Woodlands provide trees for lumber, fuel, carbon dioxide scrubbing and carbon sequestering, and produce oxygen; the rate of climate change and its effects are reduced, soils are stabilized, water is filtered, and folks just plain feel better walking around in woodlands. All these functions and benefits are increased within a more biologically diverse woodland, and a higher level of diversity promotes a higher activity level of these functions.
Light is one of the most important factors in determining which plants grow where in a woodland and their level of success. Biodiversity in a woodland is greatly influenced by variations in light intensity. The amount of light available beneath a woodland tree canopy depends on tree spacing and canopy density. Minimal spacing causes tree-canopy overlap, increasing total canopy density, and thus decreasing light penetration.
All of the plants growing beneath the main tree canopy in a woodland are adapted to light conditions from deep shade, through to open, well-lit clearings. Various light intensities will provide environmental conditions favorable for the development of a wide range of species-specific communities beneath the woodland canopy. The resultant plant diversity supports animal diversity, because each plant species generally has its own range of animal species associated with it and these animals also supply food for yet other animal species.
The fruits and seeds of woodland plants are another important source of food. Different plants flower and set seed at different times. The greater the variety of plants present, the longer the period when flowers and or seeds/fruits will be available to feed the woodland animals and birds. Increased diversity also decreases the risk of food supply interruption due to the many alternatives during a particular plant species collapse from disease or competition.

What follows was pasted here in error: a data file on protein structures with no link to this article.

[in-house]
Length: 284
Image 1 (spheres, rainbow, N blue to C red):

Passive forest management practices often result in stagnant, dark, dense areas within a woodland, with few openings that allow the light penetration necessary
for greater plant diversity. But these areas support a variety of other plant and animal species which cannot survive in more open areas. The damp, cool, sheltered habitat thus created supports thriving communities of bugs and worms, mosses, ferns, and liverworts. Rotting wood in this environment holds more species communities compared to wood left to decay in full sun. Restoring a more vibrant diversity may require the selective removal of trees to open the canopy, and/or tree limb pruning, to decrease canopy density…both allowing more light penetration.
NATIVE VS. NON-NATIVE
A plant or animal introduced with human help is considered nonnative, and this species introduction to an environment can be devastating. They often leaf-out earlier than natives and retain their foliage longer, thus able to shade out native understory vegetation such as spring ephemerals…eventually out-competing native tree species in the forest canopy. This reduces the natural food supply chain; since the native species have not evolved to subsist upon the non-native, biological diversity is reduced, resulting in a disruption in the structure and natural functions of the native woodland habitats. Devastation happens if the non-native thrives to the level of displacing natives; this non-native then becomes invasive, and can eliminate species’ communities within the local ecosystem’s habitats, severely depleting bio-diversity.
Non-natives aren’t necessarily deleterious to a woodland. The honey bee is a crucial pollinator. This non-native was brought to North America by European settlers around 400 years ago for honey and wax. It turns out they were a perfect fit for our crops and climate, and now they are an essential part of pollination.